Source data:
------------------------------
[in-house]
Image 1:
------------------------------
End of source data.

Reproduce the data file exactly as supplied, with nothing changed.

[in-house]
Image 1: